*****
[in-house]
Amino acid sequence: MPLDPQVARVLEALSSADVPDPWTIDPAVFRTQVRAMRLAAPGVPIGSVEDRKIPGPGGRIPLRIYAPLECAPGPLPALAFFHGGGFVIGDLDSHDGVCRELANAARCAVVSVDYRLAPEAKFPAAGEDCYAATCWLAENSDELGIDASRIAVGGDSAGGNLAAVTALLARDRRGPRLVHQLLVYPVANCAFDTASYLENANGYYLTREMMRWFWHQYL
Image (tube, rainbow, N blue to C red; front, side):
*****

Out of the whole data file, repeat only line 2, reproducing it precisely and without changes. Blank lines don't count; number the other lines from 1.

Amino acid sequence: MPLDPQVARVLEALSSADVPDPWTIDPAVFRTQVRAMRLAAPGVPIGSVEDRKIPGPGGRIPLRIYAPLECAPGPLPALAFFHGGGFVIGDLDSHDGVCRELANAARCAVVSVDYRLAPEAKFPAAGEDCYAATCWLAENSDELGIDASRIAVGGDSAGGNLAAVTALLARDRRGPRLVHQLLVYPVANCAFDTASYLENANGYYLTREMMRWFWHQYL